William Shatner – The Blues | Album Review

William Shatner – The Blues

Cleopatra Records CLO 1943

14 songs – 50 minutes

Former Star Trek captain William Shatner has been no stranger to music and the recording studio since blasting off into space aboard the Starship Enterprise in the mid-‘60s with the release of The Transformed Man LP on the Decca label, a concept album that juxtaposed spoken-word passages of classic poetry and pop tunes dealing with the existential struggle of identity – all delivered with the intense vocal gymnastics that made him a superstar on the small screen.

That disc was panned pretty much internationally, but remains viewed as a work of comic brilliance and as a priceless treasure among Trekkies. No matter whether it was a fluke of luck or an act of genius, the work created a niche market that Shatner’s been mining intermittently ever since. Mixed in among releases for his sci fi audience have been novelty albums that continued the theme forward, mixing multiple forms of music into his apparent sly, tongue-in-cheek performance.

This CD is the fifth release in Capt. Kirk’s relationship with Los Angeles-based Cleopatra Records, beginning with Seeking Major Tom in 2011 and, most recently, the holiday-themed album, Shatner Claus: The Christmas Album, two years ago. But this one takes listeners somewhere they’ve never gone before: He enlisted several of his favorite musicians to deliver his first blues effort. And it’s surprising it’s taken this long because the native Canadian has been a blues lover for decades.

Among the world-class talents laying down the backing tracks here are guitarists Kirk Fletcher, Brad Paisley, Sonny Landreth, Ritchie Blackmore, Ronnie Earl, Pat Travers and Harvey Mandel along with Canned Heat, all of whom sit in on one cut each. Also featured are Steve Cropper, James Burton, Jeff “Skunk” Baxter, Arthur Adams, Tyler Baxter and Albert Lee. They’re flushed out with an uncredited roster of session musicians.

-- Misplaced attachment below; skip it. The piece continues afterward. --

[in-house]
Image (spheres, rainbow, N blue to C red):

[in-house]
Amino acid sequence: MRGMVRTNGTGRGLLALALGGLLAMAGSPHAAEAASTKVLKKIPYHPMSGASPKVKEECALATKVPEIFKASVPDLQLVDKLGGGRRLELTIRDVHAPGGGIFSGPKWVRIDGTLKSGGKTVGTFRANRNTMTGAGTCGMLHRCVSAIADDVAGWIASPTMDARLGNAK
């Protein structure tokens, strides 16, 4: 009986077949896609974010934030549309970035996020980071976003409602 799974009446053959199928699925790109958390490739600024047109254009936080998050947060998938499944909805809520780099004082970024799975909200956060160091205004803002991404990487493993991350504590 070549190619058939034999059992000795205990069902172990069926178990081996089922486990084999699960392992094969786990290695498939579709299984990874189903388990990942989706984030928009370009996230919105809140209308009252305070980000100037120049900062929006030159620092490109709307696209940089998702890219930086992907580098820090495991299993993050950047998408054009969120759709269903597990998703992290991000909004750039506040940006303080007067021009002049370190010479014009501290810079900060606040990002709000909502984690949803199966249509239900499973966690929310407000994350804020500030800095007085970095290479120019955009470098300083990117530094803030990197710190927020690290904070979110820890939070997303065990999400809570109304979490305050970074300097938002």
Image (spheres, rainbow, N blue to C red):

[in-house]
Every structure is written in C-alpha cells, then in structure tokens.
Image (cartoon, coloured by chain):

With the exception of the final two cuts – a cover culled from the Canadian country-folk string band, The Dead South, and a final musing penned by Shatner himself, all of the songs here are classical blues chestnuts, that – propelled by his oddly cadenced vocal delivery – have seen far better days, beginning with a fiery, stinging intro from Paisley for Robert Johnson’s “Sweet Home Chicago.”

The action slows to a tedious crawl for Willie Dixon’s “I Can’t Quit You Baby” despite masterful fretwork from Fletcher before Landreth fills Eric Clapton’s shoes admirably for a thoroughly forgettable take on Cream’s “Sunshine of Your Love.” Blackmore’s rendition of B.B. King’s “The Thrill Is Gone” is understated and true blue before Earl steps to the plate for down-and-deep version of Muddy Waters’ “Mannish Boy” as, for a second or two, Shatner issues something that almost sounds like singing.

The musical portion of this show diverts to Memphis briefly for a painful version of the Booker T/William Bell classic, “Born Under a Bad Sign,” propelled by sweet licks from former child protégé Bryant before Shatner does his best to destroy the enchantment laid down by Screamin’ Jay Hawkins’ “I Put a Spell on You” despite Travers doing his best to keep things on the rails.

If Robert Johnson wasn’t spinning his grave after the open, he probably will be with the vocally emotionless version of “Crossroads” that’s up next aided by Burton, and Howlin’ Wolf will be spinning, too, with Shatner’s ineffectual reading of “Smokestack Lightnin’” despite six-string magic from Baxter. And Adams’ spectacular licks can’t save Don Robey’s “As the Years Go Passing By,” either.

It takes big cajoles for Bill to do what he attempts next — covering Canned Heat’s version of Wilbert Harrison’s “Let’s Work Together” backed by the band that made it famous, which almost works – before enlisting Cropper for turning the Bobby Troupe classic, “Route 66,” into a car wreck and Lee for “In Hell I’ll Be in Good Company,” The Dead South tune that begins mercifully with an extended instrumental intro. The disc ends with “Secrets or Sins,” a word poem backed by Daniel Miller on guitar.

The music quality on The Blues is exceptional throughout – as you’d expect after a quick glance at the roster, and Shatner fans probably will love this one to the moon and back. If you’re a true blues lover, however, you’ll probably feel more like I do: Sorry, Bill, but the thrill is gone, I can quit you, baby. I feel like I’ve been born under a bad sign, made worse because listening to this felt like the years were passing me by. I’m already in hell.

Beam me up, Scotty! I’m done!

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